Law professor Don Wallace Jr. writes:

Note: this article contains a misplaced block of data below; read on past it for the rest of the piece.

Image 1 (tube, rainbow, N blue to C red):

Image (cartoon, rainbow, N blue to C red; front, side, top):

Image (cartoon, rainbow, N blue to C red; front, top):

…. some have claimed that requiring the FISC to hear from a special advocate in this narrow class of proceedings would raise constitutional concerns under the “case or controversy” requirement of Article III. As a general matter, our federal courts may only decide live cases or controversies between adverse parties with standing to litigate the case. The proceedings before the FISC, however, do not involve adverse parties yet have long been considered analogous to the historical role that our courts have played in issuing warrants. Our courts have repeatedly upheld such proceedings, including those conducted by the FISC, as consistent with Article III. Allowing the FISC to hear from an additional attorney during the process does not create a new Article III question. Any concerns stem from the nature of the FISC process itself, not from the participation of a special advocate tasked with promoting privacy and civil liberties. If anything, the participation of a special advocate increases the adverseness of the proceedings and helps ensure compliance with Article III.
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